Cardinal Joseph Zen (90) and five other human rights activists were sentenced in Hong Kong on Friday for failing to register an aid fund for democracy activists. The court in West Kowloon fined the former Catholic bishop of Hong Kong and the five other defendants from science, society and art between 2,500 (307.41 euros) and 4,000 Hong Kong dollars (491.86 euros), according to Kathpress.
The temporary arrest of the six accused in May and the trial had sparked outrage around the world. The now-defunct Fund 612 provided financial, legal and psychological help to people arrested in the 2019 pro-democracy protests. According to the public prosecutor’s office, a good 100,000 individual donations totaling 270 million Hong Kong dollars were paid into the fund.
The chief judge stated that under the applicable regulation, the sponsors had to apply for registration of the fund or possible exemption within one month of its establishment. The Foundation does not fall into any of the exempt categories set out in the legislation as it was not exclusively charitable but political. The defense had denied this.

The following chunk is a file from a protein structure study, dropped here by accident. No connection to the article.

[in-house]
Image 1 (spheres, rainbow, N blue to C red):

Zen is considered a prominent critic of the regime
Cardinal Zen, Bishop of Hong Kong from 2002 to 2009, is one of the most influential representatives of the Catholic Church in Asia. Beyond his tenure, the Salesian monk of Don Bosco is one of the prominent critics of the Chinese government and its religious policies. Zen is also the harshest critic in the difficult dialogue between the Vatican and the Chinese leadership in Beijing. Again and again he warned against too big concessions by Rome to the communist regime, which was not trustworthy.
Cardinal Zen and the five democracy activists were arrested on charges of “conspiring with foreign states and powers”. In addition to Zen, the pop singer and activist Denise Ho and the prominent lawyer Margaret Ng have now been convicted. The convict also faces charges of “conspiracy with foreign states”. This can result in a life sentence.
In 2020, the so-called security law was passed in the former British crown colony to stop the pro-democracy protests. When Britain returned Hong Kong in 1997, Beijing agreed to respect the democratic freedoms that prevailed there for another 50 years, based on the “one country, two systems” principle. Critics accuse Beijing of suppressing these freedoms with the security law. Many democracy activists are now in prison or have fled abroad. (afp)